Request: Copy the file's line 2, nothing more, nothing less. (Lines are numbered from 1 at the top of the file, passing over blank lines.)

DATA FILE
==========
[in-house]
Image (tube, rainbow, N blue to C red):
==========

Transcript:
Image (tube, rainbow, N blue to C red):